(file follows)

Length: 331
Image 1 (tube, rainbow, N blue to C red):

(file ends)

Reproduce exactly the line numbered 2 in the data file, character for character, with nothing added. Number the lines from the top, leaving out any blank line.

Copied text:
Image 1 (tube, rainbow, N blue to C red):